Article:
The Stack Archive

What does Big Data have in store for online map services?

Fri 31 Jul 2015

New research from a PHD student at London’s University of Greenwich has prompted me to consider some possible futures for online maps services such as Google Maps. Some are ‘bug-fixes’, others qualify as ‘added value’ – and others are potentially rather more dystopian.

The paper presents possibilities for changes that online map-providers such as Google, Bing, Apple and CityMapper could implement in order to make their services more useful to pedestrians as well as drivers. In ‘Evaluating Pedestrian Routes[PDF] Ebiteme Botu, together with Prof. Mike Worboys, a specialist in spatial informatics at GU’s Department of Mathematical Sciences and post-doctorate researcher Jia Wang, consider six initial possibilities for improving the provision of zero-gas journeys.

Among the proposed requisites is Safety, which would need to call in secondary factors such as time-of-day of the proposed journey, in order to evaluate whether there is adequate street lighting for the journey. Other factors include type of surface, pavement width, route congestion, ‘sinuosity’ (how direct a route is), ‘pleasantness’ (vehicle exhaust, weather and others), accessibility (signage and rest places), and closeness to amenities, among other considerations.


As regards disabled access, Botu notes Google Maps’ omission of information about the disabled access provided at the Greenwich foot tunnel – and in any case, none of the major maps providers, including GM, Bing and CityMapper, make any provision for the disabled.

The missing topographical and meteorological data in online maps


Where big data explodes in one sector, uptake into mapping is fairly prompt, if not always entirely authentic. CityMapper’s IOS app will tell the user how many calories are likely to be burnt on a particular pedestrian hike (see image right), though it calculates this on an average, without access to the kind of real-time cardio data and input information which makes health trackers such as FitBit better able to approximate calories burnt. Trackers such as the Withings Pulse use an integrated altimeter to measure elevation, and therefore more accurately understand the difference between calories you’ll burn on a plane versus a steep incline.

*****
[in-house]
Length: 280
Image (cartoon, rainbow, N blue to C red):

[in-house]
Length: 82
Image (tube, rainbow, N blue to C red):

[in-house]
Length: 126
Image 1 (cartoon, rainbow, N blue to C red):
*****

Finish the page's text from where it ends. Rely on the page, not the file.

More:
Google Maps already has access to elevation information within the ‘Terrain’ data of its massive geographical recordsets; but this data, which could not only warn the disabled or infirm of steep rises ahead but could also make calorie-burnt estimates on map routes more meaningful, does little more than ‘shade in’ topographically variable sections on a map – its actual usefulness as data seems to have been reserved for Google Earth Pro, as far as discussion on the matter can ascertain.

The potential for plugging meteorological data into map services is nascent at best in this period; CityMapper has a ‘dead’ database of areas which it will advise to avoid in the event of rainfall, though it does not poll services such as OpenWeatherMap to find out if and where rain might be predicted or occurring. Neither do Google, Bing or Apple provide access to this kind of information in their maps services.

The pedestrian as ‘second-class guest’ in online mapping services

One needn’t be disabled to feel that pedestrian routes supplied by popular mapping services live up all too well to their name. Calculating walking routes is the most recent innovation in maps, moving out of beta for Google Maps some years after its introduction in 2009.

In the UK at least, the legacy of the ‘satnav’ era is still clear in walking routes. Walkers using Google Maps for their journey will find themselves hampered by numerous indications about ‘A’-road’ numbers, even though such numbers are practically never displayed in London signage. Additionally only Apple’s Maps seems to understand that overlaying opaque dash-marks that obscure the name of the streets that comprise your route is likely to be counter-productive.


Perhaps inevitably the most prominent information in map apps for the pedestrian is easy information about how to get back on four wheels, one way or the other (see right).